5.4 Advanced Editing Techniques

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Tutorial > Lesson 5: Editing... > 5.4 Advanced Editing Techniques

The Tack

There is a "tack" icon at the left end of the toolbar.  Click it.  Notice how it looks "pushed in", or "tacked".  This will "tack" the editor to the clip that it is currently on.  It will no longer insist on displaying the current clip.  Try it - select another clip from the ClipList, and you'll see that the editor does not synchronize with the rest of ClipMate.  This opens up some interesting possibilities, as you can now use the cut/copy/paste buttons (on the editor toolbar) as if you were in a regular text editor, without the editor scrolling to the newly-copied data.


Untack the editor, and copy these two clips.




This is cool.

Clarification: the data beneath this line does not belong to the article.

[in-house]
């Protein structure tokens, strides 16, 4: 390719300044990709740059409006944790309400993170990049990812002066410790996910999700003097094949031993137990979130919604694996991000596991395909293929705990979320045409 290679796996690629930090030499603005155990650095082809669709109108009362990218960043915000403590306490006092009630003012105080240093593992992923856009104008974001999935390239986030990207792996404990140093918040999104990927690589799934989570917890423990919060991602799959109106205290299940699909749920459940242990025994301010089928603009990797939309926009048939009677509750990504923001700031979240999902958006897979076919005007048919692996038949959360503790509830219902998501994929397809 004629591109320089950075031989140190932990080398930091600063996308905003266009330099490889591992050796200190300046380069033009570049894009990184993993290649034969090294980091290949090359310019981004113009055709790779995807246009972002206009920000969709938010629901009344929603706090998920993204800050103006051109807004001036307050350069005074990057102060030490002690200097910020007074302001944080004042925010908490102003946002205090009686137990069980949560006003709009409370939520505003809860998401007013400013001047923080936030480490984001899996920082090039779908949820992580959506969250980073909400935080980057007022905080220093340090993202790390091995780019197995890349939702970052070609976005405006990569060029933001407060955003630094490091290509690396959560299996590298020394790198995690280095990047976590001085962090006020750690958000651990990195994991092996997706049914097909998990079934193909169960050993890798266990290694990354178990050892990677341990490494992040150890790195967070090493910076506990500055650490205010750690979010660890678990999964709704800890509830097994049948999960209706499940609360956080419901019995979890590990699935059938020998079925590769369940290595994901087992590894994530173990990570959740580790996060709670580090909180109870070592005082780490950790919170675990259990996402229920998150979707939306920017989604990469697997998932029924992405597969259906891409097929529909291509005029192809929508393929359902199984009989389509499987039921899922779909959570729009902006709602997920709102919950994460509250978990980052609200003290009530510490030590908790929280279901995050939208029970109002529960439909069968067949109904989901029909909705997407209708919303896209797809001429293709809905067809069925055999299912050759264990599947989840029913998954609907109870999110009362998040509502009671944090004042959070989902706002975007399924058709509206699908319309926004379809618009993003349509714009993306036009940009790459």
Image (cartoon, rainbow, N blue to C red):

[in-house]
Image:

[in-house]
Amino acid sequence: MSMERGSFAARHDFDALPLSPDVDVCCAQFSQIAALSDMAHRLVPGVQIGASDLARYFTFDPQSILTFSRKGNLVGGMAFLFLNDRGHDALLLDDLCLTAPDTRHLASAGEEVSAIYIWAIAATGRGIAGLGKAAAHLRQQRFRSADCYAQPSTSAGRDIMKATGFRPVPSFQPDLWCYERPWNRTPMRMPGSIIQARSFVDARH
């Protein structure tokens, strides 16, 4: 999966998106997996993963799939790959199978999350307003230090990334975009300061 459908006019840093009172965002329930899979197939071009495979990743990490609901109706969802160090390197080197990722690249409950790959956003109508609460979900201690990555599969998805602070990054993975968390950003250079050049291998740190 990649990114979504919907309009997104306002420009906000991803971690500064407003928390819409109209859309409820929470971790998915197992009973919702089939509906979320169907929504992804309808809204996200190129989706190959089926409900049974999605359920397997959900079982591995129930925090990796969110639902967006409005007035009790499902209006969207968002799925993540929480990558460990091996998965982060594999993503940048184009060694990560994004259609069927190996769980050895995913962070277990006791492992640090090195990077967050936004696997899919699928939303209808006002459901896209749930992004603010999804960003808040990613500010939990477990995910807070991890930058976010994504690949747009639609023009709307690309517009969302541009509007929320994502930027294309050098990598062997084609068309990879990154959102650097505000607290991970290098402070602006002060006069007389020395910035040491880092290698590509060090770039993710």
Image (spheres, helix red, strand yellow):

Now tack the editor again, so that it is frozen on "This is cool.".

Now select the "VERY" clip in the ClipList above.  The editor should still say "This is cool".

Position the cursor between "is" and "cool".

Click the Paste button on the editor toolbar.

I'm sure you'll agree, this is VERY cool!


Cut and copy work the same way - you will get new clips created from the clip being edited, but you'll stay on that clip.  You can, for example, cut a word from a sentence, and paste it back into the same clip somewhere else.


Floating Editors

Since the editor window is docked into Explorer, you can drag its dockbar and undock it from Explorer.  Or there is a button (2nd from the left) that will do this too. Or, you can simply pop open an editor window with the F2 key, (which also has the advantage of working in ClipMate Classic).

Floating windows are most effective when Tacked, and are great if you want to do some heavy editing on a particular clip, or keep it visible without the rest of ClipMate.


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